Where there’s a Will there’s a Way

No one has the intention on leaving debt and legal hassles to their loved ones should anything happen. However, this scenario arises on a daily basis causing hardships that can strain the family for generations. One of the common struggles in marriages with couples aged 45-60 are the issues left behind from parents who failed to provide a will.

Suze Orman, known for profound financial advice states that,
“If a revocable living trust protects your major assets from probate, a will is where you carefully specify how you want your non-investment possessions to be disbursed. Your great-grandma’s wedding ring, the heirloom armoire, that cherished first-edition book collection—all of it should be itemized in a will. Do your family a huge favor by being as detailed as possible. Even if your children love each other to pieces now, arguments can easily arise if you don’t have everything spelled out. If your children are older, consider asking them to share what would mean the most to them.”

If for no other reason, you need a will to name an executor (or executrix).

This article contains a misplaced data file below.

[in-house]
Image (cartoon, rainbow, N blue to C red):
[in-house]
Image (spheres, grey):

This is the person responsible for handling your affairs after you pass on.
If you do not have a will, the probate court will appoint one. Anyone with good reason can petition the court to be appointed, so in my opinion, there is no reason to leave this in question.
The executor or court appointed administrator performs many important functions, including gathering all of the assets of the estate, paying any debts or taxes owed by the deceased, and distributing the remaining property to the named beneficiaries.-Forbes

It really boils down to having a peace of mind which is exactly what this document should be called…”A Peace of Mind.”
Think of your life’s work and everything that you have put so much devotion into as living beyond yourself.
Take charge and allow your family to inherit not just material things from you but admiration and pride of one who completed their life in excellence to the very end….Where there’s a Will.

The 2 Final Steps to Hiring a Brain Injury Attorney

– Call and Request Written Material From the Attorney